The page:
If you are thinking about taking a trip to Mauritius, you might want to add something new to your itinerary: looking for the “lost continent.” Scientists have now confirmed that Mauritius was once part of a much larger “supercontinent” named Gondwana. Now, it is the only part left.
Mauritius the Lost Continent
Mauritius is an island and, suspiciously, there aren’t any rocks on the island that are older than nine million years. So where did it come from?
Scientists believe that it was once part of a lost continent that disappeared into the Indian Ocean some 200 million years ago, according to the dating they have been able to do. Mauritius was once a piece of the crust.
We knew that the continents were all once fused together, but to know that some just disappeared may change the way we think about land formations.
“We are studying the break-up process of the continents, in order to understand the geological history of the planet,” said Professor Lewis Ashwal from the University of the Witwatersrand in South Africa.
In order to conclude what had been suspected for years, scientists looked at the rocks left over from volcanic eruptions and traced the levels of zircon in them. Ashwal and team found that the remnants of the mineral were likely far too old to belong on Mauritius, but it was plentiful there.
“Earth is made up of two parts – continents, which are old, and oceans, which are “young”. On the continents you find rocks that are over four billion years old, but you find nothing like that in the oceans, as this is where new rocks are formed,” said Ashwal.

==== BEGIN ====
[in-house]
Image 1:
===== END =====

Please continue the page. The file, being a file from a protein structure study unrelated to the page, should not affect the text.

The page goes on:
“Mauritius is an island, and there is no rock older than nine million years old on the island. However, by studying the rocks on the island, we have found zircons that are as old as three billion years,” he said.
Zircons are minerals that we see mainly in granites from the continents. They have a particular make-up that includes uranium, thorium and lead. It also allows them to be dated accurately with little margin of error.
“The fact that we have found zircons of this age proves that there are much older crustal materials under Mauritius that could only have originated from a continent,” said Ashwell. This isn’t the first time that zircons have been found. In fact, in 2013 another study found them but they didn’t do a thorough job of explaining how it all got there.
“The fact that we found the ancient zircons in rock (six-million-year-old trachyte), corroborates the previous study and refutes any suggestion of wind-blown, wave-transported or pumice-rafted zircons for explaining the earlier results,” said Ashwal. He also suggests that there are many pieces of this continent hidden all over the area.